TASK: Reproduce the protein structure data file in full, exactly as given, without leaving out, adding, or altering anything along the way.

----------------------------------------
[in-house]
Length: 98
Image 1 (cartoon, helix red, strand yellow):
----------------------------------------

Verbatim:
[in-house]
Length: 98
Image 1 (cartoon, helix red, strand yellow):